Symposium CD
High and Ultra High Temperature Ceramics and Composites for Extreme Environments

William G. FAHRENHOLTZ, Missouri University of Science and Technology, USA
Marianne BALAT-PICHELIN, PROMES-CNRS Odeillo, France
José Daniel BIASOLI DE MELLO, Federal University of Uberlandia, Brazil
Jon BINNER, University of Birmingham, UK
Robert DANZER, University of Leoben, Austria
Gilbert FANTOZZI, INSA de Lyon, France
Stuart HAMPSHIRE, University of Limerick, Ireland
Hagen KLEMM, Fraunhofer IKTS, Germany
Peter KROLL, University of Texas, Arlington, USA
William LEE, Imperial College London, UK
Paul MAYRHOFER, TU Wien, Austria
Klaus G. NICKEL, Eberhard-Karls-University Tuebingen, Germany
Elizabeth J. OPILA, University of Virginia, USA
Tatiana PRIKHNA, Institute for Superhard Materials of NAS of Ukraine, Ukraine
Pavol ŠAJGALÍK, Slovak Academy of Sciences, Slovakia
Diletta SCITI, ISTEC-CNR Faenza, Italy
Eric WUCHINA, Office of Naval Research, USA
Katsumi YOSHIDA, Tokyo Institute of Technology, Japan
Donald BRENNER, North Carolina State University, USA
William G. FAHRENHOLTZ, Missouri University of Science and Technology, USA
Claudia GASPARRINI, Imperial College London, UK
Greg HILMAS, Missouri University of Science and Technology, USA
Sam HUMPHRY-BAKER, Imperial College London, UK
Byung-Koog JANG, Kyushu University, Japan
Dietmar KOCH, University of Augsburg, Germany
Willy KUNZ, Fraunhofer-IKTS, Germany
Kang LEE, NASA Glenn Research Center, USA
Laurence MAILLE, University of Bordeaux, France
Branko MATOVIC, University of Belgrade, Serbia
Tatiana PRIKHNA, Institute for Superhard Materials of NAS of Ukraine, Ukraine
Diletta SCITI, ISTEC-CNR, Italy
Martin STEINBRÜCK, Karlsruhe Institute of Technology, Germany
Peter TATARKO, Slovak Academy of Sciences, Slovak Republic
Christopher R. WEINBERGER, Colorado State University, USA
Revolutionary improvements in operating efficiency or performance characteristics require increasingly hostile operating environments. For example, handling of molten metals exposes materials to extreme temperatures, reducing conditions, and thermal shock. Other applications of interest include leading edges for hypersonic aerospace vehicles, flow-path components for advanced aerospace propulsion systems, refractories for steel, glass, and specialty metal processing, and many others. Ceramic materials and ceramic matrix composites are candidates for many applications that involve severe temperatures, chemical reactivity, or mechanical stresses.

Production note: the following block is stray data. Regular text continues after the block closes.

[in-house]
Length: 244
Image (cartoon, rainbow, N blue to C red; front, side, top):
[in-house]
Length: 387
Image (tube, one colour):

In recent years, a number of oxide and non-oxide ceramic materials have been investigated for use in extreme environments.  This symposium will examine the critical aspects in four different areas:  1) Synthesis and Processing; 2) Corrosion, Oxidation, and Testing; 3) Mechanical and Thermal Properties; and 4) Characterization, Analysis, and Simulation. The materials of interest comprise a wide range of ceramics including conventional oxide ceramics such as alumina and zirconia to more specialized compositions such as boride, carbide, and nitride materials. The materials of interest can be monolithic, single phase ceramics, porous materials, multi-phase particulate ceramics, or composites. Ternary carbide materials (i.e., the MAX phases) are the subject of a separate symposium and are excluded from this one.
Session Topics

CD-1 Synthesis and processing

New materials and novel synthesis routes
Production of nano-powders, coatings, and engineered architectures
Carbothermal and borothermal reduction
Polymer derived ceramics and solution synthesis routes
In-situ reaction synthesis
Shape forming methods such as pressing, tape casting, extrusion, etc.
Additive manufacturing and net shape forming
Densification kinetics
Pressureless and pressure-assisted sintering
Field assisted sintering and other advanced methods
Directionally solidified eutectics
Ultra-high temperature ceramic matrix composite

CD-2 Corrosion, oxidation, and testing

Analysis of reaction mechanisms and kinetics
Testing in simulated hypersonic flight conditions or other operational environments
Highly energetic reaction environments
Correlation of laboratory testing to application environments
Simulation and modelling of degradation reactions
Phase equilibria and thermodynamic tools
Non-equilibrium reaction analysis

CD-3 Mechanical, thermal and optical properties

Strength and fracture toughness
Friction and wear
Elevated temperature properties
Testing above 1600 °C
Finite element simulations and other models
Testing under combined loads (e.g., mechanical and electrical)
New test methods
Microstructure-property relationships

CD-4 Characterization, analysis, and simulation

Advanced characterization methods
In-situ and in-operando characterization under extreme conditions
Electron microscopy and high resolution imaging
Emerging characterization tools for structural materials
Spectroscopic methods
Thermodynamic and kinetic studies
Ab-initio calculations and other predictive tools
First principles simulations
Experimental and computational studies of phase equilibria
Multiscale simulations and models


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